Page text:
mands its ministers to preach to mankind. jects are ordered to be received, by being washed with water, the general means of purification. Every man knows that what is clean, requires not to be washed, and that the necessity of washing arises from that impurity, for the removing of which, water is applied. The very terms salvation, saved, &c., which relate to the blessings of the Gospel, necessarily refer to an antecedent state of guilt, and spiritual death, from which the Gospel, when it is cordially received, brings deliverance. Nor can any man rationally call Jesus his Saviour, without acknowledging his participation in the ruin brought upon mankind, by their rebellion against God. The name Jesus is also given to our Saviour, because he saves his people from their sins. So closely intwined with Christianity is the doctrine of human depravity, that we cannot speak of the Gospel itself, of its Sacraments, of the names of the Redeemer, or of the salvation it sets before men, but the doctrine is in our mouths, and if we speak with spiritual discernment, our hearts deeply feel it; and we have, as the holy Psalmist says, our sins ever before us. Whatever difficulties this important subject may contain, we have seen that it is plainly stated in the Scripture, and is so closely connected with the whole doctrine of our Redemption, that he who rejects the one, can never consistently embrace the other. They must be received or rejected together. He who has not felt his spiritual death in Adam, will not seek his spiritual life in Christ; and he who does not confess that he has borne the image of the earthy, will not be earnest in seeking to possess the image of the heavenly.
The propagation of a corrupted nature from Adam to all his posterity, is perfectly analogous to what we find in
the natural world. Of the whole of Creation with which we are conversant, it is the universal law, that every plant, that every animal, possesses the properties of that from which it sprang. The vine is not propagated from the thorn, nor the fig tree from the bramble. The harmless sheep and the ferocious tiger, propagate each his own kind.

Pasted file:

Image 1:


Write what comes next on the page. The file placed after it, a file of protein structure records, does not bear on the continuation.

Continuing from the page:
The state of that globe on which we dwell, proclaims it to be the habitation of a fallen and guilty race. Its elements are often in a state of hostile conflict. Tempests sweep along its surface, with destructive fury. Internal fires prey upon its bowels, and, bursting out, spread desolation over the most fertile countries. The mass of waters which surrounds it, often pours death upon the children of men. The earth itself is convulsed, and trembles under their feet. Once the crimes of its inhabitants brought upon it a flood, which left only one family alive; and of that general wreck, the vestiges are still to be found on the tops of the highest mountains. Even the heavens and the earth which now are, we know, shall at last be purified by fire, to become the fit habitations of righteous beings.
A writer, of profound sagacity, speaking of our Saviour's interposition to prevent that punishment from following, which, according to the general laws of Divine government, must have followed the sins of the world, had it not been for his interposition, observes that "Were we to suppose the constitution of things to be such, as that the whole creation must have perished, had it not been for somewhat, which God had appointed should be, in order to prevent that ruin; even this supposition would not be inconsistent, in any degree, with the most absolutely perfect goodness. But still it may be thought that
this whole manner of treating the subject before us, supposes mankind to be naturally in a very strange state; and truly so it does. But it is not Christianity which has put us into this state. Whoever will consider the manifold miseries, and the extreme wickedness of the world; that the best have great impurities within themselves, which they complain of, and endeavour to correct; but that the generality grow more profligate and corrupt with age; that heathen moralists thought the present state to be a state of punishment: and what might be added, that the earth, our habitation, has the appearances of being a ruin; whoever, I say, will consider all these, and some other obvious things, will think he has little reason to object against the Scripture account, that mankind are in a state of degradation, against this being the fact: how difficult soever he may think it to account for, or even to form a distinct conception of the occasions and circumstances of it. But that the crime of our first parents was the occasion of our being placed in a more disadvantageous condition, is a thing throughout, and particularly analogous to what we see in the daily course of natural Providence, as the recovery of the world, by the interposition of Christ, has been shown to be so in general."*
The history of human society, which presents little to our eyes, but the report of the follies and crimes of the men who have lived before us, exactly agrees with the transactions which we see passing in the world around us. That men, in general, are both foolish and wicked, few persons who are competent judges will be found to dispute; though some who suppose themselves to be such,
Butler's Analogy, Part 1, Chap. 5.